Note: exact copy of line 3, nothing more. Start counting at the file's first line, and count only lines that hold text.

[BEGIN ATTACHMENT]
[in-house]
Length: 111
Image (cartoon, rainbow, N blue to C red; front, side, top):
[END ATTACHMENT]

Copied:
Image (cartoon, rainbow, N blue to C red; front, side, top):